Latest WTO Internet Gambling Ruling Favors Antigua, Shows Effects of Harmful, Overreaching Trade Agreements on Domestic Policy
U.S. Ordered by WTO to Pay $21 Million in Compensation for U.S. Internet Gambling Laws
WASHINGTON, D.C. – The World Trade Organization (WTO) announcement today that the U.S. must pay $21 million in compensation for the U.S. ban on Internet gambling is the latest stark example of how U.S. trade agreements can undermine a wide array of domestic policies unrelated to trade, Public Citizen said today.
“Americans just got a harsh wake-up call about the price of ‘trade’ agreements and entities such as the WTO that require us to conform all of our domestic policies to hundreds of pages of rules unrelated to trade that were pushed by global corporations behind closed doors in 1994,” said Lori Wallach, director of Public Citizen’s Global Trade Watch division. “This ruling shows once again that the WTO’s incredible overreach and interference with domestic policy is a serious threat to Democratic policy-making and national sovereignty.”
Today’s announcement that the U.S. must pay the Caribbean nation of Antigua to compensate for gambling revenue Antigua lost because of the U.S. Internet gambling ban is the latest step in a WTO challenge Antigua launched in 2003. In 2005, a WTO Appellate Body issued a final ruling against the U.S. that implicated wide swaths of U.S. gambling policy extending beyond the Internet gambling ban. Under WTO rules, a losing country must bring its policy into compliance with WTO rules by a set deadline or face trade sanctions. When the U.S. did not change its laws as ordered by the WTO, Antigua brought a compliance case. In March 2007, the U.S. lost that case, and Antigua was authorized to begin imposing sanctions. Antigua’s lawyers raised the option of lifting Antiguan compliance with WTO copyright rules relating to U.S. music and software.
In May 2007, with growing threats from other WTO countries to use the expansive 2005 ruling to launch additional WTO challenges to additional U.S. gambling policies, the U.S. gave notice to the WTO that it sought to withdraw “gambling and betting services” from WTO jurisdiction. Under WTO rules, a country may withdraw a service sector committed to WTO jurisdiction only with the authorization of other WTO signatory countries interested in the sector and only after compensating for future lost revenue a WTO signatory country might have earned were the commitment maintained.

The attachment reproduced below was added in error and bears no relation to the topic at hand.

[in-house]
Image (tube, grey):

Today’s compensation order is not the end of the matter; the U.S. is engaged in negotiations with the European Union, India, Costa Rica and Macao to determine how much it must pay them for withdrawing the gambling sector. These negotiations focus on what new service sectors the U.S. will submit to WTO jurisdiction in exchange for withdrawing gambling. However, the Bush administration needs congressional approval for any new sector to be submitted to WTO rules.
“Congress must demand a vote to authorize any expansion of U.S. WTO service sector commitments,” said Wallach. “Especially after this case highlights the threats posed to U.S laws in service sectors under WTO jurisdiction, it would be unacceptable for the Bush administration to negotiate an expansion of U.S. WTO commitments.”
The WTO Internet gambling case began in 2003 when Antigua challenged three long-standing, U.S. federal anti-racketeering statutes that in effect banned Internet gambling as cross-border trade barriers. Antigua’s Internet gambling firms wanted continued access to the U.S. market for online gambling – worth an estimated $15.5 billion annually. Despite having one of the largest and most sophisticated negotiating teams, the U.S. claimed that it made a simple mistake when it first committed a sector called “other recreational services,” which includes “gambling and betting services” to WTO jurisdiction under the rubric of Uruguay Round negotiations in the early 1990s. Once a service sector is committed to WTO General Agreement on Trade in Services rules, even non-trade-related policies in that sector can be challenged as violating the agreement’s expansive rules.
READ more information about the gambling case.